June 05, 2020


Jonathan D. Urick, U.S. Chamber Litigation Center

Growing litigation, novel theories of liability, the debate over liability protection, and the pandemic’s impact on settlement values highlighted this week’s reporting on business litigation related to COVID-19.

More and more litigation

The ABA Journal reports that corporate law firms are warning clients to brace for the building wave of coronavirus litigation. “Among the areas of expected litigation are suits for injuries and wrongful death, discrimination, employment liability insurance, privacy violations and retaliation.”

Novel theories of liability highlights one company’s legal battle against such claims. Princess Cruise Line has moved to dismiss 13 cases brought by uninfected passengers suing for emotional distress. In its motion, the cruise line argues that, “[i]f accepted, plaintiffs’ theory would open the door to open-ended liability for every business, school, church, and municipality across America, stalling economic recovery in the wake of the COVID-19 pandemic and complicating the ability of businesses to reopen.”

Over at Law 360, Diane Flannery and three McGuireWoods colleagues examine how reopening businesses might (or might not) be liable for second-hand coronavirus exposure that infected employees or customers transmit to their families, friends, or roommates. The attorneys survey the relevant law from 15 states and offer various recommendations for businesses to limit their potential liability.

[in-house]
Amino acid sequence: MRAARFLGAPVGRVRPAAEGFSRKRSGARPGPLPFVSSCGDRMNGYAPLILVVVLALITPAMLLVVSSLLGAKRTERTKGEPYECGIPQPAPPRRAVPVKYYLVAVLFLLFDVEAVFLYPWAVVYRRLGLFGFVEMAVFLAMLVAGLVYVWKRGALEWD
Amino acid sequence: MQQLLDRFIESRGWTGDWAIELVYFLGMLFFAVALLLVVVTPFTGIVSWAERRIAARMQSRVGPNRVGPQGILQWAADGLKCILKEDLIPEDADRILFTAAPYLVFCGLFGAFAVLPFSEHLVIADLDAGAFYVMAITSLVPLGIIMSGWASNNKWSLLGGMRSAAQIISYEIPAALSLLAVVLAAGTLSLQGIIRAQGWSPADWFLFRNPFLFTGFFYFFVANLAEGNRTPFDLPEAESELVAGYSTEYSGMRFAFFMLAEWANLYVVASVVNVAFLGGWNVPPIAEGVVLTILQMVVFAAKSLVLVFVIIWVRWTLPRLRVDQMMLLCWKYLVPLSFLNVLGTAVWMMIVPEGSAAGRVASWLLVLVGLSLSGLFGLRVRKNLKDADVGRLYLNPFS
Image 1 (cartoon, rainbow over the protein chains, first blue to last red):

Liability protection

A Newsday op-ed urges New York State to extend COVID-19 liability protections as the state reopens. “Now that the state is reopening, it is not just medical workers who need protection from lawsuits,” the editorial argues. “[W]ithout proper liability protections,” businesses, schools, and nonprofits “will be left vulnerable” to an “onslaught of litigation.”

Other states are heeding these warnings. Claims Journal reports that North Carolina, Oklahoma, Utah, and Wyoming recently enacted coronavirus-liability protections for reopening businesses, “while legislation in at least three other states is advancing.” According to Roll Call, however, in the U.S. Senate, federal liability protections remain a “sticking point in the debate” over the next COVID-19 relief bill.

Settlement value

Finally, the Insurance Journal examines anecdotal evidence that the COVID-19 pandemic may be exerting downward pressure on tort settlement values, possibly reversing the recent strong upward trend.

Settlement and verdict sizes have been increasing for a variety of claims “throughout the tort world,” according to one liability-insurance underwriter. “It’s too early to tell” if that trajectory is really changing, he cautioned.

But some corporate defense attorneys report that plaintiffs’ counsel is more willing to settle than before the pandemic because of closed courts, significantly delayed trials, and concern that even once courts reopen, jurors facing economic hardship may be more reluctant to award plaintiffs large damages.